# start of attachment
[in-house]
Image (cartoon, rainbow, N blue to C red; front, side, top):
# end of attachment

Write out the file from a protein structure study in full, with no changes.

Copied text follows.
[in-house]
Image (cartoon, rainbow, N blue to C red; front, side, top):